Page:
Round two with Brad Arguello, exec chef of the Uber Sausage
What are your thoughts on social review sites like Yelp, Opentable and Urbanspoon? I know a lot of people will disagree with me, but I actually enjoy them. Yes, the reviews are subjective, but at least you get people's insights into what they actually thought of your place. A lot of people will say that they like your restaurant and your food when you ask them face-to-face, but they tend to put their honest opinions on social review sites. I take them as they come, and I try not to get offended by any of them. Ultimately, it's just someone's opinion -- and everyone's entitled to have one.
How you do you handle customer complaints -- and what should customers do when they're peeved about a dish? I hate to say it, but I'm totally about the customer always being right. If my kitchen is prepared to make a PB and J, I'll make a PB and J for the customer -- even if it's not on the menu. There are times when you need to stick to your guns, but we're the ones who are lucky to have customers coming into our restaurant and spending their hard-earned money. If a customer is peeved about a dish, I'll ask them exactly what they want, throw out the old one and prepare something new to their liking. It's not worth arguing about if there's the potential of losing a customer. I cook food to make people happy, and if they're not happy, then I'm not doing my job.
You're making a pizza. What's on it? Grilled chicken, Granny Smith apples, caramelized onions, blue cheese, spicy mustard and watercress. My sister, Amanda, made it one time, and we actually turned the combination into one of our sausage sandwiches.
Guiltiest food pleasure: Fun Dip Lik-M-Aid sticks. I hate the flavored sugar, but I love the white chalk-tasting dipping sticks.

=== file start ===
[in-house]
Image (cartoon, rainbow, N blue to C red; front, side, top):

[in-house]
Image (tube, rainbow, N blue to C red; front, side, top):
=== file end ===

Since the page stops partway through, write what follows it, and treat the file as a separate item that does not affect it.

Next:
Last meal before you die: A burger from El Carro de Mario, a hamburger joint in Córdoba, Argentina, that uses all the cuts from the lomo, which is cured pork loin. They take all the fatty cuts from the lomo, make a hamburger with the scraps, top it with a fried egg and put it on a fresh hamburger bun that they make every day. But the secret is the homemade mayonnaise with lemon and lime that they spread on the bun. I know it sounds gross, but it's hands-down the best burger I've ever eaten; I crave them daily. I was an exchange student in Argentina thirteen years ago, and I recently went back for my host brother's wedding, and when I walked in, the owner of El Carro de Mario, who looks like Mario from the Mario Brothers, was there, and he not only remembered me, he said I was his best customer. No kidding. I used to eat there every day.
Hardest lesson you've learned: A few years ago, I paid a so-called "restaurant consultant" to help me further develop a restaurant concept that I'd come up with. He talked a big game about how he could find investors, and I ended up paying him a large sum of money to "consult" for me. And then I got stiffed and never heard from him again. I learned that you just need to do stuff on your own, and that you shouldn't put too much trust in someone else. A lot of people give you the big song-and-dance routine and promise this, that and the other, but if you want something bad enough, find a way to do it on your own.
What's next for you? I want to open more little Uber Sausage restaurants around Colorado. We want to hit up college campuses like DU or CU, which could always use some more sausage-fests, right?